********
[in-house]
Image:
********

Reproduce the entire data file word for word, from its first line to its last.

[in-house]
Image: